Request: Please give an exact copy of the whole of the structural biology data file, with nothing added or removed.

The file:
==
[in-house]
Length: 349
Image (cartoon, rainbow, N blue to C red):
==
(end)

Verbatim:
[in-house]
Length: 349
Image (cartoon, rainbow, N blue to C red):